Yama mata yama, "Mountains and yet again Mountains," views taken from Yedo bay.
From 1805 to 1817 he devoted himself chiefly to the illustration of novels, especially those of his friend Bakin, with whom he had a disagreement later. The year 807 was particularly fertile in this respect; during it appeared the first instalment, comprising ten volumes, of the ninety-volume Shimpen Suikogwaden, or New Illustrated Suiko Den, tales of robbers, the text of which was written at first by Bakin and afterwards (for the last eighty volumes) by Ranzan. Hokusai resumed his activity as an illustrator toward the close of his life, from 1845 onwards.
The chief turning-point in the life of Hokusai occurred in the year 18 12, which saw the production of the first volume of his celebrated Mangwa, the "Fancy Sketches," followed in succeeding years by thirteen others. In these rapid sketches, which comprise the whole circle of daily life, of legend and of history, as well as of nature, executed with the greatest brilliancy, and exhibiting an extraordinary mastery of anatomy, Hokusai created a work which departed widely from all previous efforts of the Japanese, and pursued an aim similar to that of the art of Europe. An infinite abundance of observation is stored up in these sketches, but comparatively little has been done towards co-ordinating it. However much fresh suggestion they might offer to Europeans, the art of Japan, which seeks to progress only through strength and individuality of style, could draw from it but little inspiration. But the tireless ingenuity, the inexhaustible creative power, and the imperturbable good humour of the artist constantly arouses our admiration anew. Madsen, page 117, cites as a characteristic example the dancer in the third volume of the Mangwa, who is presented in thirty different postures without his head once becoming visible. In the first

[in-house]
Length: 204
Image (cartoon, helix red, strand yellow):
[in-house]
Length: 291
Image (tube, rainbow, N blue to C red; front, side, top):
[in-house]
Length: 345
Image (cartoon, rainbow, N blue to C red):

- For a detailed description of the contents of the fourteen volumes, see Brinckmann, p. 244 ff.